Tuesday November 16th, 2021 @ 6:30pm Virtually

Dr. Dayanthie S. Weeraratne, CSUN, will be presenting:
"Investigating the role of relative sea-level change in the retreat of a marine based ice stream in northwest Scotland."

Dr. Dayanthie S. Weeraratne/ November Speaker


Continental and oceanic lithosphere, which form in different tectonic environments, are studied in a single amphibious seismic array across the Southern California continental margin. This provides a unique opportunity to directly compare oceanic and continental lithosphere, asthenosphere, and the LAB (Lithosphere-Asthenosphere Boundary) in a single data set. The complex history of the region, including spreading center subduction, block rotation, and Borderland extension and translation, allows us to study limits in the rigidity and strength of the lithosphere. We study Rayleigh wave phase velocities obtained from the ALBACORE (Asthenospheric and Lithospheric Broadband Architecture from the California Offshore Region Experiment) offshore seismic array project and invert for shear wave velocity structure as a function of depth. We divide the study area into several regions: continent, inner Borderland, outer Borderland, and oceanic seafloor. A unique starting Vs model is used for each case including appropriate crust and other layer thicknesses, densities, and P and S velocities which predicts Rayleigh phase velocities and are compared to observed phase velocities in each region. We solve for shear wave velocities with the best fit between observed and predicted phase velocity data in a least square sense. Preliminary results indicate that lithospheric velocities in the oceanic mantle are higher than the continental region by at least 2%. The LAB is observed at 50 ± 20 km beneath 15-35 Ma oceanic seafloor. Asthenospheric low velocities reach a minimum of 4.2 km/s in all regions, but have a steeper positive velocity gradient at the base of the oceanic asthenosphere compared to the continent. Preliminary results from seismic tomography images in two and three dimensions will be presented.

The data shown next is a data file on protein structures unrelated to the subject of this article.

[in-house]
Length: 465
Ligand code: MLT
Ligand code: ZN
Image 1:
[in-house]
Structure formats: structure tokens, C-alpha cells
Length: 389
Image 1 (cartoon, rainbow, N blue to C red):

Dr. Dayanthie S. Weeraratne/ November Speaker

Speaker Biography

Currently Full Professor of Geophysics at California State University, Northridge (CSUN) in the Dept of Geological Sciences where the female/male faculty ratio is 50/50.

Undergrad and MS degree at University of Oregon
Ph.D. from Brown University
Postdoc at Carnegie Institution of Washington

Director of the GEMS program (Geological Experience for Minority Students) which has been supporting underrepresented minority (URM) students at CSUN for past 12 years. (https://csun.edu/science-mathematics/geology/gems-program)

Third Tuesday of Every Month: 6PM – 9PM
Poinsettia Pavilion
    3451 Foothill Rd Ventura, CA 93003
Have Questions? Email: coastgeologicalsociety@gmail.com
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